On 15 January 2016, multiple web sites reported that a Tennessee-area woman had started a successful GoFundMe campaign to recoup losses for money she spent on non-winning Powerball lottery tickets.
Yahoo!, Boston station WFXT, New York station WPIX, and other news outlets based their reporting entirely on the existence of a since-deleted GoFundMe page, originally titled “Powerball Reimbursement Fund.”
Text from the GoFundMe page in question was excerpted in many articles:
Please help me and my family as we have exausted all of our funds. We spent all of our money on lottery tickets (expecting to win the 1.5 billion) and are now in dire need of cash. With your small donation of at least $1.00, a like and one share, I’m certain that we will be able to pick ourselves up from the trenches of this lost and spend another fortune trying to hit it big again! PLEASE, won’t you help a family in need. DONATE NOW.
WPIX, for example reported:
A GoFundMe page for a woman named Cinnamon Nicole, who says she spent everything on Powerball tickets, is going viral in the aftermath of the record-breaking jackpot.
The Memphis mom says she blew all her money in an unsuccessful attempt to win the $1.6 billion, according to the GoFundMe page description.
Yahoo! was similarly straightforward in their reporting:
Nicole alleges to have spent all of her money on purchasing tickets with the assumption she would win the $1.6 billion jackpot, but soon realized the winning tickets were sold in Los Angeles, Florida and Tennessee suburbs.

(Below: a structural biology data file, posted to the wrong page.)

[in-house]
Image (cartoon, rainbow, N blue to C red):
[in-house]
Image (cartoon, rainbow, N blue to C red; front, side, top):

Despite the chances of anyone winning the jackpot being 1 in 292.2 million, Nicole still decided to go big, and unfortunately now can’t go home because she allegedly doesn’t have any money.
WFXT got halfway there, stating “Cinnamon Nicole” successfully raised $800 before “the campaign was shut down”:
People actually donated to the GoFundMe account and Nichole raised about $800 dollars in seven hours before the account was taken down.
That take, however, didn’t suggest that “Cinnamon Nicole” may not have existed at all, nor that it was unclear whether anyone outside the campaign’s originator had donated funds to it. CNET contacted GoFundMe and reported that the referenced $800 had been refunded and hinted at a scam (but not an outright hoax):
A GoFundMe spokeswoman told me, “The campaign in question was removed for a violation of GoFundMe’s Terms & Conditions.”
You won’t be surprised that many of her fellow human beings took pity. The campaign reportedly raised $800 before disappearing.
Naturally, there’s no real proof that Nicole bought any Powerball tickets at all (or, for that matter, that she’s an actual person). She may well have been merely trying to ice her cake.
The most likely explanations didn’t make it into any news articles but occurred to some eagle-eyed forum users: that the campaign was a bid for publicity, or that the GoFundMe was started as an attempt to agitate folks in the aftermath of the big Powerball draw. One FARK commenter quipped:
Step 1: Set up GoFundMe for stupid reason
Step 2: Put up a large chunk of money yourself so that it looks like you’re actually being donated to
Step 3: Get national media coverage
Step 4: Profit
Another commenter hit upon a likely scenario:
Campaign no longer exists. Probably because it was probably a hoax page to stir up a bit of class-baiting
Our reverse image searches turned up no prior instances of “Cinnamon Nicole” or her photograph on the web. While there’s as yet no proof the campaign was created to troll people, GoFundMe didn’t clarify to CNET precisely why the crowdfunding effort was deemed to have violated their terms and conditions. Raising money under false pretenses likely counts as one of those banned practices, whereas raising money for a stupid cause isn’t specifically prohibited.
We have contacted GoFundMe to see if the site has any further information about the “Powerball Reimbursement Fund” but have yet to receive a response.